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Work Chandelier

Department of Egyptian Antiquities: Christian Egypt (fourth - twelfth centuries AD)

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Chandelier

© Musée du Louvre/G. Poncet

Egyptian Antiquities
Christian Egypt (fourth - twelfth centuries AD)

Author(s):
Meurice Cédric

This bronze chandelier, intended to hang in a church, consists of a cylinder bearing a Greek inscription, "Maria, daughter of Levi," surmounted by removable branches in the form of dolphins holding drip glasses, or small containers for oil. Suspended from three long chains, it would have shed a bright circle of light inside the building, far outshining in intensity the more commonplace terracotta lamps with a single spout.

The chandelier

This chandelier is one of a series of chandeliers with hinged branches and a number of light sources that were designed to be suspended. The main section is formed by a broad cylinder, with a central band of open-work Greek letters encircling the cylinder and spelling out "Maria, daughter of Levi." The beginning and end of the inscription are separated by sheaf design. A base reinforces the bottom of the cylinder, so that the chandelier could be placed on a flat surface. The three long brass chains by which the object was suspended are positioned around three removable groups of four dolphin silhouettes. Each of the twelve dolphins holds a hinge in its mouth; these hinges consist of two rings attached to the main cylinder. The upturned tails of the dolphins hold rings that support the small oil containers or drip glasses (these are modern additions). The chandelier thus provides twelve sources of light (polylychnion). With its hinged branches and base, this was a practical lamp that could be moved around the church and transported with ease. Like other liturgical objects, it was stored in a cupboard. Examples of chandeliers with cylindrical bodies and hinged branches are also found in Islamic and Armenian cultures.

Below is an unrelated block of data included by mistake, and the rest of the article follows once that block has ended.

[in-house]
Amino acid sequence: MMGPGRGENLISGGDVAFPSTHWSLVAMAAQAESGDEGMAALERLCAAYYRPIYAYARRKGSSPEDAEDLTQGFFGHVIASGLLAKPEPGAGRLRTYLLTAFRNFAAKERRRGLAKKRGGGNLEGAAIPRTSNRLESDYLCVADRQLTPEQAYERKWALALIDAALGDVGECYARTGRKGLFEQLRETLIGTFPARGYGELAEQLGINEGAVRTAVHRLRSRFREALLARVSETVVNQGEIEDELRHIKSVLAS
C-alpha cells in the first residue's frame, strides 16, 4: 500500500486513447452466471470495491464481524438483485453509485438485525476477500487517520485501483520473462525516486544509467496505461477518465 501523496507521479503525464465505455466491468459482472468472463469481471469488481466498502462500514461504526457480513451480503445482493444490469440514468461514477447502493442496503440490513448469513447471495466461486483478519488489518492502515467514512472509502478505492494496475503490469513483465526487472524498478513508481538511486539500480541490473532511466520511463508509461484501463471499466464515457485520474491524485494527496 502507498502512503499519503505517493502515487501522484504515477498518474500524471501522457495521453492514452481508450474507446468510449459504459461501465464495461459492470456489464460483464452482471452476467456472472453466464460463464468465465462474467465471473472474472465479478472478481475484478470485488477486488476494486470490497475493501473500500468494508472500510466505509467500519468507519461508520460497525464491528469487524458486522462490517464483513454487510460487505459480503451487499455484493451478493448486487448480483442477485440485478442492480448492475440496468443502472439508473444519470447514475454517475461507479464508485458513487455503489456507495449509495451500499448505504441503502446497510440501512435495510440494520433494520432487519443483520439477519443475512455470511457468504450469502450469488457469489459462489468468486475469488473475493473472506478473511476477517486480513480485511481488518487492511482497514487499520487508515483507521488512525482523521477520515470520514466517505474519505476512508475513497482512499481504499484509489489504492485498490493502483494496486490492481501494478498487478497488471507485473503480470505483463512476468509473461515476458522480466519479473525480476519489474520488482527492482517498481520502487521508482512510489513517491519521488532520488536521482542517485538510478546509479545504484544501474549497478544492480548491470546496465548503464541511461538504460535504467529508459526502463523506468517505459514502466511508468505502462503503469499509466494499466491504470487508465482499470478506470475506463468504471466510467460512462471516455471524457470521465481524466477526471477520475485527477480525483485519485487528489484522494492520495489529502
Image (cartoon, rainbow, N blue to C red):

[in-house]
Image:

The dolphin

The dolphin theme was very common in Christian Egypt, particularly on chandeliers and lamps. The Apostles were likened to dolphins because they saved lost souls, just as dolphins save the victims of shipwrecks. The number of dolphins here (twelve) is thus not coincidental and may carry a symbolic meaning. The purely decorative function of these creatures is also important. Here, the craftsman has displayed great ingenuity in using the shape of the animal's body to suit his design.

The function of the chandelier

The chandelier's primary function was naturally to provide illumination. But its materials and dimensions, the number of its drip glasses and its inscription all indicate that it was probably commissioned by a wealthy worshipper and donor, who thus linked her name with a craft or a wish. We do not know where in Egypt this piece was discovered, so any speculation must be undertaken with caution.

Bibliography

Bénazeth D., L'art du métal au début de l'ère chrétienne, Paris, RMN, 1992, p. 124, 144, 145, 146, 147, 156.

Technical description

  • Chandelier

    Byzantine era, 5th-7th century

    Unknown

  • Cast and cut metal; open-work and turning; copper-based alloy, brass chain

    H. 18 cm; Diam. 4!.5 cm (open); L. (three chains) 61 cm

  • Purchased 1925

    E 11916 (3)

  • Egyptian Antiquities

    Denon wing
    Lower ground floor
    Bawit room
    Room C

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